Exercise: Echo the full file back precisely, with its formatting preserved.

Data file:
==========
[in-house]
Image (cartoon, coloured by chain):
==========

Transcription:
[in-house]
Image (cartoon, coloured by chain):